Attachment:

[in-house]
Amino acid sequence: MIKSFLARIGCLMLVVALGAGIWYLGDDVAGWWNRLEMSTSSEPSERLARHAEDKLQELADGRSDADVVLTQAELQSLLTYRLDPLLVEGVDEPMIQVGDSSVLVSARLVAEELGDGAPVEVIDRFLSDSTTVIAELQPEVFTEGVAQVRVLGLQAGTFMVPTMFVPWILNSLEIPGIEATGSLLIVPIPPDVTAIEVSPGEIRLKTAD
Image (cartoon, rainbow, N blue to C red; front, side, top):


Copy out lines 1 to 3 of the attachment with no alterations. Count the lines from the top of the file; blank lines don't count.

[in-house]
Amino acid sequence: MIKSFLARIGCLMLVVALGAGIWYLGDDVAGWWNRLEMSTSSEPSERLARHAEDKLQELADGRSDADVVLTQAELQSLLTYRLDPLLVEGVDEPMIQVGDSSVLVSARLVAEELGDGAPVEVIDRFLSDSTTVIAELQPEVFTEGVAQVRVLGLQAGTFMVPTMFVPWILNSLEIPGIEATGSLLIVPIPPDVTAIEVSPGEIRLKTAD
Image (cartoon, rainbow, N blue to C red; front, side, top):